Usernames and passwords are still primary ways in which digital accounts are “protected”. However, forgotten usernames and passwords also act as a barrier to adoption, especially when accounts are accessed infrequently. Today there are better ways. Multi-factor authentication is commonplace today. However, within healthcare it’s still relatively unused when it comes to ongoing digital services such as returning portal users or when a higher risk interaction, such as a telehealth visit, is initiated. A patient’s bank most likely authenticates them each and every time they log on to their banking app. Healthcare organizations need to begin treating patient information with the same care that the financial services industry protects their customers’ money.

Call Center engagement

Verbal communication remains a critical modality of communication in healthcare. As such, call centers continue to proliferate throughout the industry. First, there’s outbound communication whereby the healthcare organization performs outreach to engage with and manage the care of the patient or member. With a good ‘Know Your Customer’ process in place, healthcare organizations should have up-to-date contact information on file for them. However, this is usually not the case. Phone contact information for healthcare consumers is notoriously unreliable. The result is increased staff time trying to make contact and ultimately lower engagement rates, which costs the system money and diminishes health outcomes. Knowing the phone numbers associated with healthcare consumers creates frictionless, passive authentication for inbound callers. By implementing services which look at the possession of the device the consumer is calling from, the reputation of that phone number and the ownership of the phone number itself, it’s possible to improve the consumer and agent experience, and create a much more secure interaction.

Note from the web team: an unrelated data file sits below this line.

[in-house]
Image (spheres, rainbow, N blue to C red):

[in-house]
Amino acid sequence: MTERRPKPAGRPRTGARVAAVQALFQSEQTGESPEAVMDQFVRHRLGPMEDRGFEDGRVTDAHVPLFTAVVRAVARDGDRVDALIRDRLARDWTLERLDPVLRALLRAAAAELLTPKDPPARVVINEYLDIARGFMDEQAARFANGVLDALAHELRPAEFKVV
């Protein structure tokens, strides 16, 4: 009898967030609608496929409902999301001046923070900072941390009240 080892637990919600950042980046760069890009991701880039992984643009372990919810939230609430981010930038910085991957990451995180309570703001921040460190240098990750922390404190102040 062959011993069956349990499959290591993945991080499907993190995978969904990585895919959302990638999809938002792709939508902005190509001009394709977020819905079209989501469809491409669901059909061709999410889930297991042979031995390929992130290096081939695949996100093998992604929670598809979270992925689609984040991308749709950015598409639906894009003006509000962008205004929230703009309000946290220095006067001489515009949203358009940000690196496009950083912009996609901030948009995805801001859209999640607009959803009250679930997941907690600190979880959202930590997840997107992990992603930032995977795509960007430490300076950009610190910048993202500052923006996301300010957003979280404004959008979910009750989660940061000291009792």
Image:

The healthcare industry is a dynamic and mission-driven industry. There are innovative and groundbreaking medical breakthroughs that occur each and every day and lives are saved because of it. However, the system still has a long way to go in its transformation. Leveraging technology to scale resources to adequately care for and engage the consumer is a requirement. 2020 has taught us that this is possible. It’s now time to rapidly optimize the digital tools that have been thrust to the forefront of healthcare. Healthcare organizations must prioritize secure consumer access to protected health information at all times, and make it easier for consumers to engage with their healthcare organizations. And they must quickly learn how to meet healthcare consumers expectations as we all progress with our “new normal”. 

Mike Bechtel is VP of Healthcare for Prove.